Vietnam Memories by Dean Rush


We can learn about our character and convictions by thinking back on our reactions to life experiences. This memory is from the early years of the Vietnam War when I was a pilot flying combat missions over North Vietnam. I'll bet you have similar reactions to strong emotional events, and hope this story helps shed some light as an example of peeling back memories.

"I, like a lot of other veterans could say that there are no glamorous war stories, but this was one that turned out to be rather humorous in the end. At the time it was kind of wild. I had not seen my wife since departing for the war. they used to give us a thing called R&R (rest and recuperation) It kind of got you out of the theater."

"Vickie and I decided to meet in Hawaii. I had a friend who had just been on R&R to meet his wife. He suggested we stay at this certain hotel in Honolulu. We set up reservations at that hotel. Vicki was waiting for me when I arrived.

"You should know that the week before I went on my R&R we had been shelled every night. I worked with a group of Special Forces and the enemy didn't like us very much. They sent these rockets and shells in every night. I had tired of being awake every night, so I built sandbags around my bed. I thought if somebody's going to hit me they have to hit me directly through the roof. Every night when the shelling would begin I'd roll off the bed (within the sandbags) and get under the bed, and just go back to sleep. I had some blankets there and it was not comfortable but I was tired so I would go to sleep. I had to fly the next day."

"So we arrived in Honolulu and we had time to kind of get to know one another and then we went to sleep. Little did I know but next door they were building another hotel and they were blasting. My wife who had not seen me in six months heard me scream when I heard the shells or I heard what I thought were shells but it was actually dynamiting to build this other hotel, and she observed as I rolled off the bed and tried to get under the bed -  which was probably three inches above the ground. I literally was fighting to get under the bed. She thought I had absolutely going crazy, and I guess I was, because I looked up and she was fine. The hotel was still there. The room wasn't shaking (which is normally a result of the rockets) and then I began to explain to her and she literally thought I had lost my wits."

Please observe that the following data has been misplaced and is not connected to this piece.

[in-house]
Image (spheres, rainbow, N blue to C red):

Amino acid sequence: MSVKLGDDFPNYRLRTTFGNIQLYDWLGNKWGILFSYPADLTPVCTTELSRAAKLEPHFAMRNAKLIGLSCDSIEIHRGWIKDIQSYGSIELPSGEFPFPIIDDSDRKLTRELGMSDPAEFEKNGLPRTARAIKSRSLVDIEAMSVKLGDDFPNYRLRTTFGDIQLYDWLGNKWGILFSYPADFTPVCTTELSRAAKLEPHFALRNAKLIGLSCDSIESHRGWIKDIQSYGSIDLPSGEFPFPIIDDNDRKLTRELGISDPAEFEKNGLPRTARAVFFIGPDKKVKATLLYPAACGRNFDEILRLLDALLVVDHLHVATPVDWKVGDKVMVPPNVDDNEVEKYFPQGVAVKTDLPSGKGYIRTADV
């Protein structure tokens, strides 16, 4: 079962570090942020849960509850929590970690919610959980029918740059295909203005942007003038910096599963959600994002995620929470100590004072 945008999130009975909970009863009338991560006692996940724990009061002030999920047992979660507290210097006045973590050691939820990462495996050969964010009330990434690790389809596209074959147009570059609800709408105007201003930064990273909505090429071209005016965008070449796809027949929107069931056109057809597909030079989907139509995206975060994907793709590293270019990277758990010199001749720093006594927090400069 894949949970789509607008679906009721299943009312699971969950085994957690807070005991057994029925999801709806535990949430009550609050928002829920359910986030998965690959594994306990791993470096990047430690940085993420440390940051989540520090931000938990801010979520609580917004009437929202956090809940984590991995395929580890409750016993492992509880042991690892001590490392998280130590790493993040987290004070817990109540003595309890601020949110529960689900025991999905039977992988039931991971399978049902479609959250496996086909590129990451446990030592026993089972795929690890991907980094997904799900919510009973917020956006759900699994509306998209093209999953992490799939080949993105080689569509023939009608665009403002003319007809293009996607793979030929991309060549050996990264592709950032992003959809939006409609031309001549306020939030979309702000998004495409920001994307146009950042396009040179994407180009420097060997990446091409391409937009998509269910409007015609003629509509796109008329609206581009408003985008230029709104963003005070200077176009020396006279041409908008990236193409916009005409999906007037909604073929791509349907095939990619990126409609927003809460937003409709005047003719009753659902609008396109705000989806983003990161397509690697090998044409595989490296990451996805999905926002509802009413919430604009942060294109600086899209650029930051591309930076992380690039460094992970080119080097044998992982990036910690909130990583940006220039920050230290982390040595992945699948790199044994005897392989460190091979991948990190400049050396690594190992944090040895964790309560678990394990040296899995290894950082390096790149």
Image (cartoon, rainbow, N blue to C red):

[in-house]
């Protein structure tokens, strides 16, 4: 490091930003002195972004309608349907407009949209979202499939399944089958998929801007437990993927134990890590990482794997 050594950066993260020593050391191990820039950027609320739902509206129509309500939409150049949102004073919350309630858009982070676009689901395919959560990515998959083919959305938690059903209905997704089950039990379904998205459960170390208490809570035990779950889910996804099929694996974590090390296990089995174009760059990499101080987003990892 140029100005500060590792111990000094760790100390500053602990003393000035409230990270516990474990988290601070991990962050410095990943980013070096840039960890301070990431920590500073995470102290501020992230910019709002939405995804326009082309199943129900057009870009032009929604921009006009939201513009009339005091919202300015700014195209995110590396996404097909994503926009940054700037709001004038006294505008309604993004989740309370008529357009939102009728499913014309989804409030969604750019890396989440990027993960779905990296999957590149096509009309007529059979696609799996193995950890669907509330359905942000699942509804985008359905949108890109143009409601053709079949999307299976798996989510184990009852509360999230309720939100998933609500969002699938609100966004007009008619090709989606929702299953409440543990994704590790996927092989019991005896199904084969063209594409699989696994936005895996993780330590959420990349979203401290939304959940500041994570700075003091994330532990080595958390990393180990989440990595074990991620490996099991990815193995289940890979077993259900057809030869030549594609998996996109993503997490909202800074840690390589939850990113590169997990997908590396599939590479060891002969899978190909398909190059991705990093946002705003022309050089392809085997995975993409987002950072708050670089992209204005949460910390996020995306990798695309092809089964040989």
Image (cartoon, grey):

"We laughed about it later - but that night it was pretty horrendous. That's my story of R&R in Hawaii."


Flying Free Life After Crisis by Dean Rush

Dean Reads: the book...
"will help you avoid some of the turmoil during the times you're in free-fall and subsequently assist you to fly free from your problems. Perhaps it will help you avoid a crash landing when you finally come down to earth. We all find personal methods of recovering from crisis to crisis can also be a great opportunity for finding in the future."

"The student pilot learns many necessary actions and principles to safely operate a plane during preparation to become a qualified aviator. In addition to learning the basics of fair weather flight the pilot learns how to manage and aircraft in emergency situations objective for pilots to maintain aircraft control. Flight is best illustrated by the Emperors of the air the Eagle."

"If your intro all of the freedom of flight as I am one of the most majestic sites in the world is to see an eagle drop off its nest high on a cliff. At the top of the tree the eagle stands on the edge of the nest stretches those majestic wing 6 to 7 feet and then lifts above the surrounding tree and flies off on its mission."

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